It's time to throw away those damp maps and route notes! Ever since acquiring my first portable Satellite Navigation unit I've become a big fan of planning and finding my way around with the help of the Global Positioning System (GPS). In fact I would go as far as stating it is one of the few gadgets I've acquired that truly questions how I ever managed without it for so long!

GPSBriefly "SatNav", as its become known, provides a visual display to indicate your exact position on a moving map by using Earth satellites employing GPS. For more info about GPS click HERE.

The map, which is detailed down to street level, is held within the SatNav's internal memory. The unit will prompt you via visual and audio directions as you traverse a route. Lots of useful associated statistical information is generated indicating and recording your speed, time, and direction etc. Other benefits include tracking or tracing a journey for review later. Points of Interest (POI) data-bases are included to provide useful locations such as fuel stations, hotels and tourist attractions etc.

There are two basic ways of employing SatNav described below. Cheaper units tend only to offer the first option, but more sophisticated units like the Garmin range come packaged with PC based mapping software enabling pre-planning and are even equipped for review within Google Earth.

1) A to B. Simply enter the address to which you wish to travel and sit back whilst the unit works out a route for you to follow. Your chosen route can be the shortest or fastest, etc. Diversions or via points can be entered and recalculated as necessary along the way.

2) Pre-plan complex routes via any number of places, following preferred roads, using waypoints. These routes can be input directly, or more conveniently via a PC using an accompanying software package such as Mapsource. Routes can then be archived on PC, and completed rides can be reviewed in detail using the track log feature.

Without doubt, option 2 using a PC is where I now find SatNav indispensable. Planning day rides and tours using conventional maps and the internet for reference before you set out is ideal. This allows you to plan stops, time and distances, and overall mileages when touring. The ability to identify the nearest fuel station or hotel is also a very valuable planning tool.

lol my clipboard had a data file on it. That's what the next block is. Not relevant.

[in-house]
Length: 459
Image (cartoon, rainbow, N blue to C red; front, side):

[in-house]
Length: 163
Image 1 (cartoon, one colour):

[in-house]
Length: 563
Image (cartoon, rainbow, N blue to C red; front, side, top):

Having a pre-planned route does not prevent on-the-hoof exploration whilst out riding but does provide the re-assurance of having an acurate means of getting back on track without wasting valuable time. And all those great roads you discover whilst out day-tripping are automatically recorded and can be reviewed for future use when you get back home.

2007 saw the launch of Garmins first purpose built units for motorcycles; the "Zumo" range. As well as GPS functions accessed via large lefthand glove-friendly buttons, these models included bluetooth communication, MP3 player, and photo viewer, all via touch-screen menus, making it the ideal touring companion. The Zumo 550 includes pre-loaded mapping of Europe right down to street level and was therfore the model I opted for. Other benifits include a comprehensive trip computer providing all kinds of useful statistical information.

As well as providing conventional wired output, this modern SatNav has inbuilt Bluetooth and is capable of being paired with a mobile phone and can output SatNav instructions to wireless headsets. More about this option can be found on the next page or click here.

The Garmin Zumo range is packaged with a RAM mounting system which provides a ball-joint bracket but neater solutions are available. I used one from SW Motech on my Tiger 1050 (pictured below), and the purpose-made Triumph bracket on my Explorer 1200.

SW Motech Bracket - click to enlarge